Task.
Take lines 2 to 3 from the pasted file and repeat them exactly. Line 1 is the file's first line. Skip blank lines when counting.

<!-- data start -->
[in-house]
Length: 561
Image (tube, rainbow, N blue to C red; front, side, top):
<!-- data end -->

Length: 561
Image (tube, rainbow, N blue to C red; front, side, top):